So what is, who is, WeCan-Ugan? (Part 2)

Here is the second part of Muhammad Atif’s account of the recent WeCan-Ugan trip to northern Uganda. During the trip the WeCan-Ugan team undertook research for ColaLife.

WeCan-Ugan (Education) – What We Did
WeCan-Ugan Team
The WeCan-Ugan team

During the civil war some areas in northern Uganda were particularly hard hit. The Barlonyo massacre killed 482 Ugandans and destroyed an entire community. It left behind an entire village of orphans and widows and in those areas all social systems have been destroyed – the people have been left with nothing but scars. For the children, their nearest school is now 60km away.

It is on that need where our project originated and expanded. We are now working with HORARD to build a vocational school to upgrade local skills so that they can gain employment in industries where their skills are demanded.

To raise funds, we have already conducted various fundraising activities in the UK. In March 2011, we took part in a week-long sponsored cycle trip traversing 700km of northern Uganda.

During our cycle, we visited many other schools and youth groups and took part in their cultural exchange programmes. We were shown traditional African dances and in return we delivered workshops in leadership and life skills as well as in HIV/AIDS. Altogether we visited 57 schools meeting more than 40,000 pupils!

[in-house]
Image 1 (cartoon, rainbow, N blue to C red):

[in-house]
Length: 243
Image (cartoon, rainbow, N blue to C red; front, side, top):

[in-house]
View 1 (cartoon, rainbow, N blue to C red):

Through a combination of our previous fundraising activities and the sponsored cycle trip, we have now raised £4,500 to commence construction of our school.

The emotional culmination of all our hard work both in Uganda and in the UK was the laying of the Foundation stone for the WeCan-Ugan school on the 1st April 2011.

HORARD Stone

 

WeCan-Ugan – what we did for ColaLife

In March, two members of the WeCan-Ugan project (Claire/Mo) met Simon at the Royal Society of Medicine. We were so excited about ColaLife that we decided to help conduct some research during their upcoming trip to Uganda. At that time, the WeCan-Ugan team was only 3 weeks away from leaving.

ColaLife is such an incredible concept that it was easy to convey it and convince the rest of the WeCan-Ugan team about its potential. Simon provided us with AidPod prototypes and T-shirts that only enhanced the quality of our research.

Muhammad Atif talk with a mothers' group about ColaLife
Muhammad Atif gets the views of mothers’ on ColaLife

During our week in Uganda, the 14 members of WeCan-Ugan, conducted a series of interviews with 82 mothers’ groups (656 mothers), 16 health clinics, 22 shopkeepers and 49 schools. We were delighted with the positive reaction and immensely grateful for their constructive feedback.

WeCan-Ugan have compiled a report for ColaLife which is currently available on the ColaLife website.

Check out our ColaLife pictures/videos: https://picasaweb.google.com/wecanugan/ColaLife#

Muhammad Atif

Once again, many thanks to the Wecan-Ugan team for such a great report, pictures and video (coming up shortly).

Comments

  1. The bike enthusiasts will, of course, have noted the hand bike in the top picture.